• Open Access

Are premature public health statements warranted?

Authors


Correspondence to:
Dr Wasim Maziak, Director, Syrian Centre for Tobacco Studies, University of Memphis, 633 Normal Street, Memphis, TN 38152, US. Fax: 901 678 6715; e-mail: wmaziak@memphis.edu

I read with interest the research letter by Carroll and colleagues.1 They make the case that the concern about waterpipe use among Arabic-speaking Australians is perhaps not warranted given its low prevalence among them (11% compared to 26 for cigarette/cigar/pipe, CCP), the fact that most waterpipe users are CCP smokers as well (CCP is the strongest predictor for waterpipe use), and the low likelihood of switching between smoking methods as only one ex-CCP smoker is currently a daily waterpipe user.1

I think that neither the data they present nor the arguments they used justify their conclusion. First, being concerned about a new public health threat does not mean to take away the focus from a bigger one. Concern about waterpipe use is based mainly on how fast it is spreading, and its potential harmful effects. Other factors that argue in favor of further spread of waterpipe use include increased availability, trendiness (allure), dependence potential, misperception about harmful/addictive effects, slow public health response and replacement potential because of the concerns about cigarette smoking. Although time trend studies about waterpipe use have been lacking, the evidence that this tobacco use method is witnessing a boom all over the world is overwhelming. Barely witnessed among older males in societies in the Middle East about two decades ago, waterpipe use is now been documented worldwide, particularly among youths.2 Second, I do not understand how in a cross-sectional analysis one can make confident assumptions about the actual relation between two risk factors (i.e. CCP smoking and waterpipe use). The time sequence is lacking and any inference about such an analysis, other than the actual association is poorly justified.1 The waterpipe epidemic moreover, is still in the making, so whatever patterns we observe currently may well change in the near future as the epidemic follows a more defined course. Finally, the waterpipe is mainly an intermittent tobacco use method,3 so arguing that because only one ex-CCP smoker is currently a daily waterpipe user as an evidence for the low-level of switching between different tobacco use methods is premature to say the least. Our, as well as other's, data demonstrate that waterpipe use can be a vehicle for cigarette smoking either among tobacco naive or cigarette-quitters.4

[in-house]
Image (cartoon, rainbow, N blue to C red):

We need to keep an eye on the main public health threat of cigarette smoking, but as the history of the cigarette epidemic clearly demonstrates, failing to react timely to an emerging threat can be very costly.

Ancillary